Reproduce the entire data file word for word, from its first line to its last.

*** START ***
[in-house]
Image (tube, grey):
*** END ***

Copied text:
[in-house]
Image (tube, grey):